M.C. Escher (1898-1972)

Special thanks to the Microsoft Corporation for permission to use following biographical information from Microsoft® Encarta '99:

M.C. Escher was a Dutch graphic artist, who is noted for his distinctive prints depicting intricate interlocking patterns and optical illusions. He was especially accomplished in lithography and wood engraving. Escherís early work consists mainly of landscapes and townscapes, but beginning about 1936 his work became increasingly concerned with scenes of his own creation, especially with the repeating patterns and spatial illusions for which he is best known.

Escherís first images in this realm took the form of elaborate patterns in which repeated figures of stylized animals, birds, or fish densely interlock, leaving no spaces between the figures. From about 1940 his work became more fantastic in its spatial effects. In images of bizarre buildings, Escher ingeniously toyed with the viewerís perceptions, creating such optical illusions as staircases that appear to lead both upward and downward in the same direction. He also explored the perceptual conflict created by a surface that appears to be both flat and three-dimensional. In the lithograph Reptiles (1943), for example, parts of a stylized pattern of interlocking alligators seem to come to life, walking off the edge of the paper. Although Escher had no training in mathematics or sciences, his precise and analytical approach to the visual world has had an especially strong appeal to mathematicians and to psychologists interested in visual perception.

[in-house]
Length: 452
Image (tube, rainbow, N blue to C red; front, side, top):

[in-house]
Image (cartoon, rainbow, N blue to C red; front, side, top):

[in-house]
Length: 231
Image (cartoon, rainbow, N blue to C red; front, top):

Escher was born in Leeuwarden, the Netherlands. From 1919 to 1922 he studied at the School of Architecture and Ornamental Design in Haarlem, where he became highly skilled in the technique of woodcut (seePrints and Printmaking). From 1922 to 1934 he lived in Italy, then successively in Switzerland and Belgium; in 1941 he settled in Baarn, the Netherlands.

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